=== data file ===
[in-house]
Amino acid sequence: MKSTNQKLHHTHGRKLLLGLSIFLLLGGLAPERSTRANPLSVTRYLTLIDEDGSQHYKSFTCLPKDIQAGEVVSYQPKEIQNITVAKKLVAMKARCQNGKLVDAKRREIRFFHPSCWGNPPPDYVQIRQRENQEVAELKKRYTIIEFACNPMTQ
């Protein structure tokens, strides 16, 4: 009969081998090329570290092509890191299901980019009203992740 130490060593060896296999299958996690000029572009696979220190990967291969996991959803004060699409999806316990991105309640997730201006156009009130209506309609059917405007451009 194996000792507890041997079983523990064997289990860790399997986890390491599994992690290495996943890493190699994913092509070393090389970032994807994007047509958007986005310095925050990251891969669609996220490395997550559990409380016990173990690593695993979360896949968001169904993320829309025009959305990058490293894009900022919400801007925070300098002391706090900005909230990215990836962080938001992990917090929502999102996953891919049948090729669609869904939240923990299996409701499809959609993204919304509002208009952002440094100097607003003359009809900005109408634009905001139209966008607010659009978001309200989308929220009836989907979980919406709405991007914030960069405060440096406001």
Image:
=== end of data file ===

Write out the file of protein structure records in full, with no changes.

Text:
[in-house]
Amino acid sequence: MKSTNQKLHHTHGRKLLLGLSIFLLLGGLAPERSTRANPLSVTRYLTLIDEDGSQHYKSFTCLPKDIQAGEVVSYQPKEIQNITVAKKLVAMKARCQNGKLVDAKRREIRFFHPSCWGNPPPDYVQIRQRENQEVAELKKRYTIIEFACNPMTQ
């Protein structure tokens, strides 16, 4: 009969081998090329570290092509890191299901980019009203992740 130490060593060896296999299958996690000029572009696979220190990967291969996991959803004060699409999806316990991105309640997730201006156009009130209506309609059917405007451009 194996000792507890041997079983523990064997289990860790399997986890390491599994992690290495996943890493190699994913092509070393090389970032994807994007047509958007986005310095925050990251891969669609996220490395997550559990409380016990173990690593695993979360896949968001169904993320829309025009959305990058490293894009900022919400801007925070300098002391706090900005909230990215990836962080938001992990917090929502999102996953891919049948090729669609869904939240923990299996409701499809959609993204919304509002208009952002440094100097607003003359009809900005109408634009905001139209966008607010659009978001309200989308929220009836989907979980919406709405991007914030960069405060440096406001």
Image: